'Registration turnout could have been better'

The IEC says preliminary figures show over 1.2m people visited stations countrywide.

A man registers to vote at Mew Way Hall in Khayelitsha on 8 February. Picture: Siyabonga Sesant/EWN.

The commission says its preliminary figures show more than 1.2 million people visited its stations across the country.

Eligible voters will still be able to register or check their details at municipal offices before South Africans go to the polls on 7 May.

An official proclamation of the date is, however, expected later this month.

The IEC's Kate Bapela says now the election date has been announced, it makes the organisation's work more focused.

"It will be very interesting to watch those figures and see how we have done, especially now that the president has announced the election date."

The 2014 polls will take place just 10 days after the 27 April anniversary of the 1994 elections.

Meanwhile, Police Minister Nathi Mthethwa says despite challenges at some registration sites, he's pleased with how officers handled the situation.

"There were areas of concern but we were prepared for them and police were on the ground."

Police were on high alert at various points across the country, including Bekkersdal, Bronkhorstspruit, Sebokeng and parts of the Western Cape where residents had threatened to boycott the registration drive in an attempt to get government to listen to their demands.


Community unrest was to blame for disruptions at two stations in Bekkersdal on Gauteng's West Rand.

Tempers flared on Saturday when police fired rubber bullets to disperse angry community members who were trying to disrupt voter registration in the area.

Angry residents allegedly threw petrol bombs and threatened staff.

A Bekkersdal resident walks past a voting station on 8 February. Picture: Vumani Mkhize/EWN.

The first registration weekend also suffered similar disruptions.

Meanwhile, residents in townships in Bronkhorstspruit boycotted the drive.

Voter registration stations in Rethabiseng, Zithobeni and Nkangala opened on time but IEC officials say they didn't register a single person on Saturday.

A meeting was apparently held with community members on Friday night, warning residents not to go near the registration stations.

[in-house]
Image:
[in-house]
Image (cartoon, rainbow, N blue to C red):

But yesterday, the ANC said it was happy with the turnout of residents in the area.

The ruling party was on a door-to-door campaign in the township on Sunday afternoon.

The ANC's David Makhura said the situation was normal.

The area was the site of violent protests last week over poor service delivery.

Residents said they had gone without these services for up to a month now.

Protesters torched a police station, library, municipal office and clinic in the area.

A total of 39 people were arrested by police and charged with vandalising state property.

Residents in Hebron, near Ga-Rankuwa in Pretoria, where demonstrators are protesting against their local councillor, decided to call off their service delivery protest for the weekend.


While voter registration at stations proceeded smoothly, it was a drama filled weekend for some Independent Electoral Commission (IEC) officials in the Western Cape.

It was a relatively slow weekend at some IEC points.

The ANC was the only party stationed outside the Mew Way hall in Khayelitsha on 8 February. Picture: Siyabonga Sesant/EWN.

A voter registration station in Sea Point in Cape Town. Picture: Graeme Raubenheimer/EWN.

Many registration centres in Khayelitsha saw less than 200 people turn out while less than 50 voters' details were captured at the Legacy Centre Kayamandi near Stellenbosch where violence erupted on Saturday.

Police were called in when disgruntled residents, angry about a lack of service delivery in the area, went on the rampage, threatening to set the voter registration building alight.

The IEC's Nosipho Mahiji said, as a result, not many people arrived to register.

"They came to our voting station, took all the IEC banners and arrows and told us to close the station. They threatened us and said if we continued to register people they would burn down the building with us in it."

Meanwhile, community members in Manenberg had to run for cover after rival gangs started shooting at each other.

Democratic Alliance (DA) member Farieda Adams said the situation was tense.

"We were opening the gates and then there was shooting. Two gangsters were shooting at one another. Later on, the shooting came from one side and after that they were shooting directly at us."

Western Cape Premier Helen Zille cancelled a visit to Manenberg as a result.

Her actions were slammed by the African National Congress (ANC), with the ruling party's provincial leader Marius Fransman criticising the premier's decision to back out of the visit.

Fransman said Zille owed it to the community to resolve the gang problem, describing her cancellation as unacceptable.

"I was quite shocked that Helen Zille refused to come to Manenberg because she was scared for her own security. The reality is that our people live in these communities. It's important for the state to be in our communities."

But Adams defended the DA leader saying, "they were shooting directly at us, that's why we asked her not come in. If our lives are in danger and our councillors' lives are in danger, it's very dangerous for her."